Case Presentation
A 33-year-old woman sought fertility treatment at Aria Fertility in London in May 2021, following four years of attempting to conceive. Written consent from the patient was obtained for this report. The couple experienced a series of recurrent miscarriages (n=6), most of which occurred within 4-5 weeks of gestation, with the most recent one dated February 2022. A product of conception (POC) analysis was performed via karyotyping, revealing an abnormal chromosome complement (der (14;14) (q10;q10)). Consequently, the couple underwent karyotyping of peripheral blood lymphocytes, which yielded normal results twice. The genetic laboratory determined that the RT detected in the recent mis-carriage was most likely to have occurred de novo, rather than resulting from missegregation of a pa-rental rearrangement (Figure 1). For this reason, the risk of recurrence was predicted to be low.
Fertility investigations disclosed an anti-Mullerian hormone (AMH) level of 2.6 pmol/L in 2021 and 3.86 pmol/L in 2022, which were both outside the normal range (4.1-58 pmol/L). In 2023, the semen analysis conducted for the male partner indicated normal values, including a sperm count of 102 M/ml, 71% progressive sperm, and 7% normal forms. Sperm DNA fragmentation testing done in 2020 showed a DNA fragmentation index of 9.4% (normal).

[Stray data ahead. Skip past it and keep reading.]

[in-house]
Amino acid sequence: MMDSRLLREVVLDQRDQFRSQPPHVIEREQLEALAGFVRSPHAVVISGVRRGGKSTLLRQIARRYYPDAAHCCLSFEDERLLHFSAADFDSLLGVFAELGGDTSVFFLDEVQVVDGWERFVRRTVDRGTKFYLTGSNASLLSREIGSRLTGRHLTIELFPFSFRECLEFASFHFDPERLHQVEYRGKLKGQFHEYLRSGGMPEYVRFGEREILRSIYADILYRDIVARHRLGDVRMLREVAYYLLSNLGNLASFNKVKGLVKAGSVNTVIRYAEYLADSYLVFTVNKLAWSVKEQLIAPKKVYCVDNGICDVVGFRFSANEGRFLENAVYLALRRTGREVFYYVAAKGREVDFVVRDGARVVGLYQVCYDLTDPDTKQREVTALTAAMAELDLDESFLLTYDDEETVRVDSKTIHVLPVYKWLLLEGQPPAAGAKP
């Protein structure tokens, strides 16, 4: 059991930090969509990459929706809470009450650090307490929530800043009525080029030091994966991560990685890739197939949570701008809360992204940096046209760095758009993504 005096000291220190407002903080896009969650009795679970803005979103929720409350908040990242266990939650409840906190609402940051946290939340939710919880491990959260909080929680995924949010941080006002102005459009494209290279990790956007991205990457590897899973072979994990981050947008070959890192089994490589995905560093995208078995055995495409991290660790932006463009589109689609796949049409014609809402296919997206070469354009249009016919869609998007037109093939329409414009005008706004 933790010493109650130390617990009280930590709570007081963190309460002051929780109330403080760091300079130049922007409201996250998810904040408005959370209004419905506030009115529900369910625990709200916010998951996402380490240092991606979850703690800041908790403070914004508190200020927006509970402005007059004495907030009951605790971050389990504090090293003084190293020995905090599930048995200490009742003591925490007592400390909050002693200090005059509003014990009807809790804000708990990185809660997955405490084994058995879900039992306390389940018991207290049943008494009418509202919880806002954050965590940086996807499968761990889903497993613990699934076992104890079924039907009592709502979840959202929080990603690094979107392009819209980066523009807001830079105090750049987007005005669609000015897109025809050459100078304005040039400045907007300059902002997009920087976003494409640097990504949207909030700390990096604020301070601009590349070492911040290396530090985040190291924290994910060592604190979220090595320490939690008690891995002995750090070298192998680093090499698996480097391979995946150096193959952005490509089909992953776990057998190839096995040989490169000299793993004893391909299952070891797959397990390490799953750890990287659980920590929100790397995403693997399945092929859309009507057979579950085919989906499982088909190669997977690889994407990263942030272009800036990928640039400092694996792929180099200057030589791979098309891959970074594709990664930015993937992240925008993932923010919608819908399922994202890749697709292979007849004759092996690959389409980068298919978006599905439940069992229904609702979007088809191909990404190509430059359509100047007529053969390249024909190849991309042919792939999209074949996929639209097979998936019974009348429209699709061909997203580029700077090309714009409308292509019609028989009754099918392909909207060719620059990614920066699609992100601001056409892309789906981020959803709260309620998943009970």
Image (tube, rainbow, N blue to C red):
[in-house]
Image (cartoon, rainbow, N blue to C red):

During treatment at the patient's initial clinic in April 2022, a total of 7 mature oocytes were obtained. Among them, 5 successfully fertilized, leading to the transfer of a single blastocyst, while two additional embryos were vitrified. Unfortunately, both the initial cycle and a subsequent frozen single embryo transfer yielded negative results on urine pregnancy tests. Endometrial receptivity analysis (ERA; Igenomix, UK) indicated normal receptivity, and hysteroscopy and dilation and curettage (D&C) procedures showed normal findings. The remaining embryo was transferred to Aria Fertility Laboratories.